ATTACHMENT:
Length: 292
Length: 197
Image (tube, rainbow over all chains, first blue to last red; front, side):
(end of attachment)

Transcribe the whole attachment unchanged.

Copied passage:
Length: 292
Length: 197
Image (tube, rainbow over all chains, first blue to last red; front, side):